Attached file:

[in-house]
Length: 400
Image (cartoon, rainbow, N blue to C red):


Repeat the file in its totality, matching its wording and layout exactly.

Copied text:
[in-house]
Length: 400
Image (cartoon, rainbow, N blue to C red):